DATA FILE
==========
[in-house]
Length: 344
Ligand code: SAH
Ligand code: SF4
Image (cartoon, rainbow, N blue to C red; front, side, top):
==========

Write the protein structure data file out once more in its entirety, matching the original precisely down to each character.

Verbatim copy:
[in-house]
Length: 344
Ligand code: SAH
Ligand code: SF4
Image (cartoon, rainbow, N blue to C red; front, side, top):